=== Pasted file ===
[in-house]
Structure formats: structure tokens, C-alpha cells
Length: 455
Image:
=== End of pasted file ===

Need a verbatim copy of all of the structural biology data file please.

[in-house]
Structure formats: structure tokens, C-alpha cells
Length: 455
Image: